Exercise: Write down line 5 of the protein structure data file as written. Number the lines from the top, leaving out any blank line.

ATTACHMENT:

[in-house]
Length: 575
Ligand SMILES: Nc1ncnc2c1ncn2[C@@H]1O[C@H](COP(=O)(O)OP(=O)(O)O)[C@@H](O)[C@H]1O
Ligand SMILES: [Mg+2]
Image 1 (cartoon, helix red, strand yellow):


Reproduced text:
Image 1 (cartoon, helix red, strand yellow):